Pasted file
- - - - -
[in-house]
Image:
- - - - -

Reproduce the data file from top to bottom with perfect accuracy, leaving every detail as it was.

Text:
[in-house]
Image: